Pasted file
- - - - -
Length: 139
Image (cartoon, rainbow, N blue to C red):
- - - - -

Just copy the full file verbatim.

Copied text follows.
Length: 139
Image (cartoon, rainbow, N blue to C red):